Obviously there are times when change is needed. At some point, a coach’s message will start to fall on deaf ears in the locker room. But you don’t fire the coach every single time you lose a string of games. Are there better coaches out there who are unemployed that will lead you to the promise land? Let’s be honest: there’s a reason that a lot of coaches are on the unemployment line to begin with. They weren’t
winning enough games with their previous employer.
Then again, when there aren’t the players in place to meet expectations, there’s a problem with the General Manager. There are plenty of fans who follow their favorite teams’ every move and constantly complain that they could do a better job than their current GM. Hey, they watch every single game on TV. They should know what to do just as well as someone who’s in the locker room, there for every practice, every meeting, and every game. Firing a GM is the nuclear option: should only to be used as a last resort.
The key is being honest with what you have in front of you and acting accordingly. The Capitals (8-game losing streak and all) are one of the teams to be feared in the Eastern Conference. Haters are gonna hate—but they’re probably more talented this year than last year’s version that dropped 121 points on the NHL. For the time being, this current edition in DC is “elite.” There aren’t many teams that can legitimately lay claim to that title.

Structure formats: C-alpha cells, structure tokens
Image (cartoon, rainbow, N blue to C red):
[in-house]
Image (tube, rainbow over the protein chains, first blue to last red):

The Kings are a playoff team. They have the high-end skill, the overall defense, goaltending, and organizational depth to make it to the second season. Like the Capitals, they are a better (and more talented) team today than they were a year ago. Expectations are for the Kings to make noise in the playoffs. Whether they thrive or not is anyone’s guess—that’s why they play the games.
Both teams know they need to get through the regular season and peak in the spring. For teams that are slumping now and already have serious question marks, they might need to look in the mirror for changes. The Flames understood they had systematic problems and forced Darryl Sutter out of a job. The Devils thought they had the talent on the ice to be more competitive than they had shown, so they dropped their coach for a known quantity. The Islanders—well, who knows what the Islanders were thinking.
By that measure, Columbus GM Scott Howson might want to start looking over his shoulder.
But for the vast majority of the teams out there, a new coach or GM isn’t going to change things this year. Over the course of 82 games, poor teams are going to lose more than they win and excellent teams are going to win more than they lose. Trades and coaches are always the quick antidote for fans—but which players or coaches are available who are truly game-changers? If they could change the game, they wouldn’t be available.
Keep that in mind when your team hits a rough patch this year. If the team is good, it’s only temporary and chances are the players will learn
something from the hardship. And if the team sucks to begin with?
Well, you should have experience going through the rough